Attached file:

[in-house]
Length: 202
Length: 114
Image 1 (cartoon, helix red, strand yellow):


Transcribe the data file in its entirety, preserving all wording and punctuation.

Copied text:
[in-house]
Length: 202
Length: 114
Image 1 (cartoon, helix red, strand yellow):